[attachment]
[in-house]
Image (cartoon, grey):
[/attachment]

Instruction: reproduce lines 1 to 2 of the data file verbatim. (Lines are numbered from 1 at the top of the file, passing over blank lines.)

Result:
[in-house]
Image (cartoon, grey):